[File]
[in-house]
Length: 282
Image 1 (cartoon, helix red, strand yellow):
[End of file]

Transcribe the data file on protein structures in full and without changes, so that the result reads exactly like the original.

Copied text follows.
[in-house]
Length: 282
Image 1 (cartoon, helix red, strand yellow):